‘Time to say goodbye’: a British doctor says cancer is the best way to die. Photo: Nic Walker
Cancer is the best way to die because it gives people the chance to come to terms with their own mortality, the former editor of the British Medical Journal has claimed.
Dr Richard Smith, an honorary professor at the University of Warwick, said charities should stop spending billions trying to find a cure for the disease because it was clearly the best option for an ageing population.
He argued that a protracted death allowed time to say goodbye to loved ones, listen to favourite pieces of music or poetry and leave final messages.
Dr Richard Smith. Photo: British Medical Journal
Writing in a blog for the BMJ, Dr Smith admitted that his view was “romantic”, but claimed that the pain of dying could be made bearable through “love, morphine, and whisky”.
However, Cancer Research UK claimed his comments were “nihilistic” and gave little thought to young people whose lives are cut short by the disease. His views were also criticised by the families of sufferers, who accused him of insensitivity.
In his blog, Dr Smith quoted the Spanish filmmaker Luis Bunuel, who warned that many patients risked suffering a “horrible death, kept at bay by the miracles of modern medicine”.
Bunuel died of pancreatic cancer in Mexico City in 1983, but managed to spend the last week of his life discussing theology with a Jesuit brother.
“Death from cancer is the best, the closest to the death that Bunuel wanted and had,” said Dr Smith.
“You can say goodbye, reflect on your life, leave last messages, perhaps visit special places for a last time, listen to favourite pieces of music, read loved poems, and prepare, according to your beliefs, to meet your maker or enjoy eternal oblivion. This is, I recognise, a romantic view of dying, but it is achievable with love, morphine, and whisky.”
Dr Smith is now chairman of both the medical records company Patients Know Best and the International Centre for Diarrhoeal Disease Research.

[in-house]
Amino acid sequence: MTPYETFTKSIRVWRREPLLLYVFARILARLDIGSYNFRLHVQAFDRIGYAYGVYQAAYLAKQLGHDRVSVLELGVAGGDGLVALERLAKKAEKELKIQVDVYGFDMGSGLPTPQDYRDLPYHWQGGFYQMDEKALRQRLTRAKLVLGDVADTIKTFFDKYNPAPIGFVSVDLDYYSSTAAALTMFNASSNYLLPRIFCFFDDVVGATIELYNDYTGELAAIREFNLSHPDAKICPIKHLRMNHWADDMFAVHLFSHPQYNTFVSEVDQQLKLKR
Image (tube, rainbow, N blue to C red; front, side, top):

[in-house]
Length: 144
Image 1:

He added: “I often ask audiences how they want to die, and most people chose sudden death. ‘That may be OK for you,’ I say, ‘but it may be very tough on those around you, particularly if you leave an important relationship wounded and unhealed’. Death from organ failure – respiratory, cardiac, or kidney – will have you far too much in hospital.”
He concluded: “The long, slow death from dementia may be the most awful as you are slowly erased.”
Dr Smith warned people to “stay away from overambitious oncologists” and said that charities should stop wasting billions trying to cure the disease and “potentially leaving us to die a much more horrible death”.
But Prof Peter Johnson, Cancer Research UK’s chief clinician, said: “Of course we are all going to die, but cancer takes far too many people far too young.
“It’s only by being ambitious in our research that we can give people a measure of choice.”
Readers of Dr Smith’s blog also branded his comments as “ignorant and insensitive”. One woman wrote: “Watching my mother rapidly ravaged by cancer a few years ago, never ever did I think it was the best way for her or us.
“A chance to say goodbye? Her final weeks were made up of endless nurses visits, her anxiety and fear of how it would end, deterioration and paranoia.”